Ivy Tiller: Vicar's Daughter, Squirrel Killer at The Other Place

Ivy Tiller: Vicar's Daughter, Squirrel Killer at The Other Place


Posted 2022-10-25 by Alison in Birmingham follow

Wed 12 Oct 2022 - Sat 05 Nov 2022

A black comedy about preserving red squirrels is part of this year's Mischief Festival from the Royal Shakespeare Company (RSC).

One of two plays about contemporary Britain, Ivy Tiller: Vicar's Daughter, Squirrel Killer is on at The Other Place theatre in Stratford upon Avon until November 5.

The other Mischief production is O, Island! that you can read about here.

Ivy Tiller and her unwavering dedication to saving the red squirrels is a contemporary story created by Bea Roberts. We join likeable but troubled Ivy as she is giving a presentation to schoolchildren that turns more gruesome than expected. It's the first, early piece of comedy with much more to come in this humorous production.

Ivy's determination to preserve one species by killing all the area's grey squirrels puts her at odds with primary schoolteacher Jade. Their mutual animosity continues to simmer throughout the play to a tense finale.

Although she loves nothing more than hunting in the woods with an air rifle for 'greys', we quickly learn that Ivy's focus is a distraction to a miserable home life.

Her pious dad has an air of menace and then there's the unwanted, albeit funny, attentions of a rather simple-minded love-struck colleague.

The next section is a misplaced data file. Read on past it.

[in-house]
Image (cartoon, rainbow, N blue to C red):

Ivy's life is made somewhat easier by the arrival of her caring cousin Gary, who just got out of prison. It's their conversations and tender relationship that end up being the highlight of the play.

Gradually, there's suggestions of past traumas in Ivy's life due to her mother's alcoholism and death years earlier. Although enjoyable enough, part of the issue with this play is that it never ties up loose ends.

Frustratingly, it could go into more depth and seems ripe for a final revelation, but sadly fails to do either.

Jenny Rainsford makes for an appealing Ivy and Nathan McMullen, playing Gary, has a natural rapport on stage. Alex Bhat as infatuated Reece is hilarious and adds joy every time he's on stage.

Unfortunately, it leaves too many questions and misses an opportunity to take this play to another level. That said, it's a well acted and interesting piece of theatre, but it still feels like unfinished work.

RATING: & #9733 ;& #9733 ;& #9733 ;& #9734 ;& #9734 ;

#theatre -reviews
!date 12/10/2022 -- 05/11/2022
70788 - 2023-01-26 01:49:23


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